Being an "immigrant" means being a person who has made a deliberate decision to leave one country and move permanently to another. The definition carries with it the notion of a single, irrevocable choice. That definition does not fit a population whose presence in this country is hardly understood by its members as "permanent;" instead, it is understood as conditioned on transitory economic trends. Discussions with Mexicans on both sides of the border focus exclusively on the current economy. At no point in the Times article does a single Mexican living in the U.S. reference any connection to American culture, values, or feelings of loyalty to the country, membership in the society or polity. At no point does anyone interviewed volunteer that they would "miss" the United States. There is a very strong sense of Mexican identity, whether one is currently residing in the U.S. or in Mexico. Not one of the Mexicans interviewed offers so much as a passing genuflection to having become assimilated or acculturated while in the US or that those years in the U.S. or accumulated experiences would constitute a bar to repatriating to Mexico. If those interviewed for this story are representative, they have no connection to the U.S. at all that goes beyond the cash nexus.

Those Mexicans currently residing in the United States who have no intention of naturalizing are people living in two societies simultaneously, and their preference for remaining in one or the other seems based entirely on immediate economic conditions and practical considerations about being able to cross and re-cross the border. They are not "immigrants" but any definition; they are not even "illegal immigrants." In fact, if it had not been politicized as a euphemism for illegal aliens, the term "undocumented workers" – without the connotation that such a person should be legalized – might be the most accurate. It is the closest equivalent to transnational migrant workers presently living in a country not their own.

Those who support "comprehensive immigration reform" and wish to provide a pathway to citizenship to these individuals can judge for themselves their lack of attachment to the United States. The fact that their primary cultural and political loyalty is to Mexico has already been established by the fact that U.S. Mexican residents have a very low level of naturalization; it is approximately 17%. Why would any society choose to undergo a vast demographic transformation – potentially an economic, social, political, and environmental catastrophe – for the sake of a group whose feelings for the U.S., even after having lived here, are, to put it in the kindliest way, so casual as to be indifferent.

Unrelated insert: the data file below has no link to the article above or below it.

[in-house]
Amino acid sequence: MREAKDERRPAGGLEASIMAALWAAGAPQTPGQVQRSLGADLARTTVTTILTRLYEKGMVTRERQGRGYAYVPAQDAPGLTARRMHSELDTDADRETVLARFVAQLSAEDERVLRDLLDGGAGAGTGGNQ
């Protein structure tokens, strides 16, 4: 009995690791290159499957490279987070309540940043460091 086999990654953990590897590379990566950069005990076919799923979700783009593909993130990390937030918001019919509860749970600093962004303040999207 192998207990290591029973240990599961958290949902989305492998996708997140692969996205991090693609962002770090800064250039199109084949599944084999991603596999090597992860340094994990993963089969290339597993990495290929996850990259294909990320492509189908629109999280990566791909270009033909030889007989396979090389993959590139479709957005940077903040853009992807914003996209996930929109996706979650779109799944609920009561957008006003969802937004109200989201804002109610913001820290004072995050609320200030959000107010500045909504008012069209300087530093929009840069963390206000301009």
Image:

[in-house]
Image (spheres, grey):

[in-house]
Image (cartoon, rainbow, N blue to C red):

Only those so ideologically blinkered as to be incapable of making critical historical distinctions would suggest analogies between these contemporary transnational migrant workers – loyal only to the highest paycheck – and those that came during the Great Waves. The immigrants of the Great Waves were different in the most fundamental respects: in terms of their motivations for leaving Europe, for choosing America, for the allegiances they embraced, and for the dreams they cherished about what becoming an American meant. They willingly cast off their old identities for a new one. In one of the worst examples of a false analogy capable of being drawn, Paul Krugman wrote in a New York Times column in 2007 that he could see no reason why his grandfather's refusal to return to Russia and serve in the Czar's army (for Jews that meant 25 years) was worse than the refusal of an illegal alien to leave the U.S. His grandfather was not a transnational migrant worker. He was in some ways not even an immigrant: he was a refugee from a regime that brutally oppressed Jews and supported that "Black Hundreds" (one of history's first Death Squads) that murdered hundreds of Jews. For Krugman and company (for he is hardly alone in his capacity to twist history so utterly out of shape it becomes unrecognizable) suggests how powerful this cause is to the elite. It requires an ideological commitment this great to make such a smart man say something so foolish.